The word robot first appeared in English in 1922, in a translated New York production of the Czech writer Karel Čapek’s 1920 play, R.U.R. (Rossum’s Universal Robots). There, it echoes the words for labor (robota) and laborer or serf (robotnik), from a range of Slavic languages, including Čapek’s Czech, in which robota specifically suggests forced labor or drudgery. In Čapek’s play, an international success translated into over thirty languages within three years of its premiere, robots are artificial people created by “philosopher” and “scholar” old Rossum from a process involving “protoplasm,” a synthetic organic material (Čapek  2004: 5). Although old Rossum did not originally intend robots only to work, his son capitalized on his father’s creation by “chuck[ing] everything not directly related to work” in the robots’ psyches and mass-producing them to serve as replacements for human laborers and soldiers (9). The play...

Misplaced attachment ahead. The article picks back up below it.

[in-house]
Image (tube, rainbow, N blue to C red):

Thinking with Robots
Lindsay Thomas is an associate professor in the English Department at the University of Miami, specializing in contemporary literary and cultural studies and the digital humanities. She is the author of Training for Catastrophe: Fictions of National Security after 9/11 (2021), published by the University of Minnesota Press. From 2017-21, she co-directed the digital humanities project “WhatEvery1Says: The Humanities in Public Discourse.”
Lindsay Thomas; Thinking with Robots. American Literature 1 June 2023; 95 (2): 381–395. doi: https://doi.org/10.1215/00029831-10575162
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